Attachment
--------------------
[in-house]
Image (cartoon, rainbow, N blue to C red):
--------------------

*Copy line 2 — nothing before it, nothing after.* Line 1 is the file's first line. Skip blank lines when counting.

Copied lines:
Image (cartoon, rainbow, N blue to C red):